3 Causes Of A Stinky Basement Toilet

Posted on: 23 March 2016

Having a bathroom in the basement can make your rec room more self-contained and spare guests the need to keep walking up and down the stairs. But having a toilet in the basement poses some potential plumbing issues due to the toilet's proximity to the main sewer line. If your basement toilet suddenly becomes stinky even when clean, there could be a plumbing issue at play.

Here are a few of the potential causes of a stinky basement toilet.

Blocked Sewer Pipe

Do you have a stinky smell in other areas of your home or do the sinks elsewhere back up when you run the dishwasher or flush a toilet? You might have a blocked sewer pipe. The smell will be worst in the basement toilet since there isn't a house worth of piping standing between the backing up sewer gases and the basement toilet.

Don't try to unclog a sewer blockage on your own. Sewer gases are potentially dangerous and the blockage could be well under your yard. A professional sewer cleaning service can send a small camera down the line to find any blockages or obstructions that are causing the problem. If the problem is a simple blockage, the plumber will use an auger or snake to clear the line.

Sometimes the problem can be due to tree roots pushing through the walls of the pipe and causing both a blockage and a hazardous sewer leak under your yard. The plumber will need to dig into the yard over the damage and replace the pipe with newer pipe. The short-term hassle will be worth not having sewage pouring into your yard and having a basement toilet that doesn't smell bad constantly.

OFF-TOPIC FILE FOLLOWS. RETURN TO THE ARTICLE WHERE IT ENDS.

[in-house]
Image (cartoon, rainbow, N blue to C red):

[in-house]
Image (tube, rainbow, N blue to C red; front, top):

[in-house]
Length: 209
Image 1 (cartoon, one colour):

Click here to read more about cleaning sewer and drain lines. 

Blocked Vent

A clogged sewer line causes gases to back up because your plumbing operates as a vacuum. A blockage at one end disrupts the vacuum and causes the gases and waste to move back in the direction of the open side of the vacuum. Vents, usually located on your roof, are on the opposite side of the vacuum from the sewer line. If your sewer line isn't clogged, you should check your vents for blockages.

Ask a plumber to come in and check the vents if you don't have the safety equipment required for climbing onto your roof. If you do have the equipment, simply check the ends of the vents for any signs of blockages such as sticks or bird's nests. During winter, make sure that snow or ice don't form over the openings of the vents.

Weak Wax Ring

Are your sewer and vents both clear of blockages? The problem could be in the toilet itself. There's a wax ring under the main body of the toilet that forms a water- and air-tight seal between the toilet and the sewer line. The wax ring is meant to keep sewer gases from leaking out around the toilet at the time of flushing.

Wax rings are easy to replace if you have someone to help you move the toilet. Make sure you immediately block the sewer pipe with wadded up rags to block the gases from rising while you work. You can buy a new wax ring at any hardware store and the package instructions are self-explanatory. Make sure you completely scrape off the old seal before applying the new one or you risk destroying the seal before the toilet is even back in place.

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